@ Dirk, Problem is there is only one per cow. I know Chicago Meat (or whatever their name is now) has them, but you need to ask. They call them "Hanging Tenders." To be honest, they need to open a case to get them and I always feel bad. I am sure they sell the rest, but...
If people are interested, I will go and ask what the price of a case is. We can buy the case and divide accordingly...
I don't want to rain on the "Blue Bunny" parade (I like it also) but one of my favorites is Hudsonville out of New Holland Michigan. If you have ever been to an ice cream shop in Michigan chances are you have had it.
A&G carries some flavors. They are the closest I know.
kenjiSlap / The Jap / With / Iron / Scrap / Burma-Shave
@dirk, in terms of travel time from jeff/portage park, an alternative to Whole Foods is The Butcher and Larder on Milwaukee Ave. down by Division. If the Kennedy isn't backed up you can make it in very little time.
@kenji. Love Butcher and Larder. Have you tried the Publican's butcher shop? Great selection, and they have a sandwich shop attached.
Re: Butcher's Block. Just because they consider it 'the finest' meat from 'small Midwestern farms', there is no guarantee that these are hormone free. To our household this is a big issue for health and flavor. Would like a better option locally.
Hasselmann Farms delivers frozen meat once a month to St. John's church on Kostner. They are Animal Welfare approved, meaning these animals live the good life and are humanely slaughtered. Just yesterday they delivered a chicken straight from the processor. It was never frozen. Got it home, added a little seasoning, threw it in the oven. The taste and texture was so different from previously frozen. Very rich flavor, almost gamey. It was so delicious even my wife tried some, and she's a pescetarian.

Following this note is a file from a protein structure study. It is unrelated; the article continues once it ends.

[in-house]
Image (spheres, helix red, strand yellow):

My favorite supermarket is Meijer (for ads go to Meijer.com). The closest one is in Melrose Park at North Ave and 9th on the east side of Winston Park SC. There is another one on Golf Rd., west of Golf Mill SC. Unfortunately none in Chicago. They have great prices. Excellent meat, Produce, Deli and Bakery. I love their cutup fresh fruit in the Produce dept.
I shop at Happy Foods for meat. After hearing about Blue Bunny ice cream and the chicken salad on this thread, I made sure to try them. The black cherry chocolate chip ice cream was great and so was their deli chicken salad.
@ kenji: Thanks for the hot dog tip. Since the owners of my favorite hot dog stand sold the place, I haven't been able to find one as good as it was. The new owners don't measure up. Although, I do like King's at Foster and Milwaukee. I will have to try this placeand see if they can capture my hot-dog-heart. @Polonia Chelonia: I'm so glad that you enjoyed your groceries from Happy Foods. It is sometimes difficult to recommend places because taste is subjective.
We had a short conversation a bit back on preserving tomatoes. This months Cooks Magazine has some information on what we were talking about. They agree with Barbara Tahir (see above) that the best thing to do is freeze them (not that I doubted Barbara I just havent done it yet...). It's a good article and will give you a reason to go and buy the new Cooks at at City News.
Looks like @NW Chicago Mom pretty much said it all. Both approaches are Italian in origin, and are project/inquiry-based. Reggio has an emphasis on the natural environment which is nice to see in the city. The rates are so reasonable: we're saving $300 monthly after moving from a different center.
Zorba's Bakery on Central south of Belmont and south of Central Gyros. Spinach/cheese pies for $2.00!!! And they have those great cookies for coffee - made fresh. Baklava is another steal there. Honey from Greece. I'm smiling thinking about it.